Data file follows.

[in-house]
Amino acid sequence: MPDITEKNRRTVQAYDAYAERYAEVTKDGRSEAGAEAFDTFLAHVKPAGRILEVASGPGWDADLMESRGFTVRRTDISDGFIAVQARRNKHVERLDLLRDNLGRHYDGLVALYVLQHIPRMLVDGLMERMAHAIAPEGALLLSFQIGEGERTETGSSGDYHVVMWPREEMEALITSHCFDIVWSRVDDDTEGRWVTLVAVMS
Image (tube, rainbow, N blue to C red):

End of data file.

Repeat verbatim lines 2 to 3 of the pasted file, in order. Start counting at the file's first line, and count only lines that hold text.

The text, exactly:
Amino acid sequence: MPDITEKNRRTVQAYDAYAERYAEVTKDGRSEAGAEAFDTFLAHVKPAGRILEVASGPGWDADLMESRGFTVRRTDISDGFIAVQARRNKHVERLDLLRDNLGRHYDGLVALYVLQHIPRMLVDGLMERMAHAIAPEGALLLSFQIGEGERTETGSSGDYHVVMWPREEMEALITSHCFDIVWSRVDDDTEGRWVTLVAVMS
Image (tube, rainbow, N blue to C red):